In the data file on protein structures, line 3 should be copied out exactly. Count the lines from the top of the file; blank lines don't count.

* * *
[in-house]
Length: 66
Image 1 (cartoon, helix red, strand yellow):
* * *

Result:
Image 1 (cartoon, helix red, strand yellow):